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Dean Steve Tanzilli leads innovation in the Rowland School of Business

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The Point
Spring 2017

In his role as dean of the Rowland School of Business, Stephen Tanzilli, J.D., has broad oversight of all academic programs, including accounting, business management, economics and finance, HR management, information technology, organizational leadershippublic administrationM.B.A., M.A. leadership, and M.S. in health care administration as well as the sports, arts and entertainment management (SAEM) program, which includes such innovative learning efforts as a dedicated classroom at Stage AE on Pittsburgh’s North Shore and Pioneer Records. Specializing in sports management, Tanzilli is the co-founder of the SAEM program, in which he served as a professor and chair.

He also ran his own sports talent agency, Sports Legends Group, a full-service marketing, finance and law firm for professional athletes. He has worked with players from the Pittsburgh Steelers and other high profile clients. His background includes 12 years of experience with 141 Worldwide Sports and Entertainment where he worked closely with clients such as Coca-Cola, 84 Lumber, Sunoco, TOPPS, ESPN, and Kraft Foods. In addition, Tanzilli has worked with the Pittsburgh Pirates, Johnston Steel Baseball Club, International Sports Marketing and Communicator Sports Marketing. The Point talked with him about the Rowland School of Business:

"Our vision is to connect our students with the marketplace, and connect the marketplace with our students. We work very hard to provide quality opportunities for our students, in the classroom, and through internships and our new cooperative education (co-op) program … We are Pittsburgh’s Downtown business school."

-- Stephen Tanzilli, J.D., Dean


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What is the vision for the Rowland School of Business?

ST: Our vision is to connect our students with the marketplace, and connect the marketplace with our students. We work very hard to provide quality opportunities for our students, in the classroom, and through internships and our new cooperative education (co-op) program. We want to engage the Pittsburgh marketplace – to have industry professionals come into our classrooms, interact with students, and at the end of the day, provide students with the practical skills they need to be employable. We want our school to be seen as the innovative place for business. That is, anything that is new and emerging in the world of business [can be found at] the Rowland School, which is located in the heart of the city. We are Pittsburgh’s Downtown business school.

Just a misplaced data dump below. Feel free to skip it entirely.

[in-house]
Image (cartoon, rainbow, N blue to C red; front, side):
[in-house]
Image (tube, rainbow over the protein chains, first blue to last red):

Tell us more about opportunities for students to gain practical experience.

ST: Practical experience is so important. We know that students who have internships, and gain work experience while in college, have an exponential greater chance of securing employment upon graduation. I want to leverage our Downtown Pittsburgh location, to go out and build bridges between the corporate community and our students, so that the curriculum that we provide is offering the up-to-date learning that students need.

What is the new cooperative education program?

ST: We are the first in the region to have a cooperative education (co-op) program that touches all disciplines in the Rowland School of Business. We have had a very robust internship program for a number of years. When we talked with business professionals, they said, ‘we love Point Park business students, but one of the challenges with an internship is the fact that it’s an inconsistent schedule. Is there a way that we can have students work for our company on a much more consistent basis, to provide more substance?’ So, we decided that now is the time to establish a co-op program. In the co-op program, a student works full-time, during which they are paid a reasonable wage, and they receive six academic credits for their work. It is crucial, for a student’s employability, that they be able to put on their resume that they have worked in business [while a student]. So, it’s a mutually beneficial program for students and for the Pittsburgh business community.